Even as the AIDS epidemic in Los Angeles County has shifted largely to Hispanics, primary care practitioners serving this segment of the population often fail to offer either HIV testing or safer sex advice to their patients, according to a new UCLA AIDS Institute study.
The study, published in the March issue of the Journal of the National Medical Association, found that only 41 percent of these primary care providers — including doctors, nurse practitioners and physician assistants — surveyed between March and June 2004 had regularly offered advice about sexually transmitted infection or safe sex to patients during the prior six months. Only 36 percent had offered more than 20 HIV tests during the same period, despite a recommendation by the Centers for Disease Control in 2001 that physicians in high HIV–prevalence areas routinely offer HIV testing to their patients.
"What this study shows is that despite the number of new AIDS cases increasing among Hispanics in Los Angeles County, the primary care providers do not appear to be increasing their offering of HIV testing to the patients," said Dr. Rosa Solorio, assistant professor of family medicine at the David Geffen School of Medicine at UCLA and a co-author of the study.
The providers served in primarily Hispanic communities, and 57 percent reported that they spoke Spanish with the majority of their patients.
Statistics from the Los Angeles County Department of Health show that between 1992 and 2004, the percentage of new AIDS cases among the Hispanic population rose steadily each year, making Hispanics the group with the highest proportion of new AIDS cases in the county.
The study was conducted by Dr. Mitchell Kushner as part of his master's thesis at the UCLA School of Public Health. Solorio, who is also a member of the UCLA AIDS Institute, served as Kushner's thesis advisor. Kushner is now the county Department of Health's medical director for Service Planning Area 3, which includes the San Gabriel and Pomona valleys. Solorio's research is supported by the Robert Wood Johnson Foundation, the National Institute of Mental Health, and the UCLA Pacific AIDS Education and Training Center.
Kushner and Solorio also found that the white physicians surveyed were less likely than their Hispanic, Asian or African American counterparts to take a patient's sexual history. Overall, 59 percent of the providers surveyed were male; 25 percent were white, non-Hispanic; 27 percent were Hispanic; 9 percent were African American; 33 percent were Asian or Pacific Islander; and 6 percent listed themselves as "other."
Though the study was small — only 85 doctors out of 191 approached responded to the survey — it still indicated that white providers were less likely to take their patients' sexual histories, Kushner said.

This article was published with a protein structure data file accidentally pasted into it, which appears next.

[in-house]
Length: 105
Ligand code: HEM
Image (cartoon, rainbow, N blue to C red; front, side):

"We really have to improve the sexual history–taking skills of our primary care providers, and we have to work more intensely with the larger percentage of providers, who are white," Kushner said.
Although 87 percent of the providers surveyed had ordered at least one HIV test for one of their patients during the six-month period, the total number of HIV tests offered to patients was quite low. Six percent of providers had not ordered a single test, 27 percent had offered one to 10 tests, 24 percent had offered 11 to 20, and 36 percent had offered more than 20. Seven percent either did not know or provided no answer. Despite the low number of tests offered, 36 percent of providers reported to having at least one person test positive during the six-month period.
"These findings suggest that providers are largely testing patients who present with symptoms," Solorio said.
According to the county Health Department, the majority of Hispanics diagnosed with AIDS tested HIV-positive less than one year prior to their AIDS diagnosis. Thus, the challenge to providers practicing in predominantly Hispanic communities appears to be early HIV detection.
Los Angeles is the second-largest epicenter for AIDS cases in the United States, behind only New York City, Solorio noted.
The racial and ethnic distribution of AIDS cases differs markedly between Los Angeles County and the rest of the country. According to data from the county Health Department, Hispanics represented the largest racial/ethnic group diagnosed with AIDS in Los Angeles County in 2004, at 48 percent, while Hispanics accounted for 19 percent of all persons diagnosed nationally.
Established in 1992, the UCLA AIDS Institute is a multidisciplinary think-tank drawing on the skills of top-flight researchers in the worldwide fight against HIV and AIDS, the first cases of which were reported in 1981 by UCLA physicians. Institute members include researchers in virology and immunology, genetics, cancer, neurology, ophthalmology, epidemiology, social science, public health, nursing, and disease prevention. Their findings have led to advances in treating HIV as well as other diseases, such as hepatitis B and C, influenza, and cancer.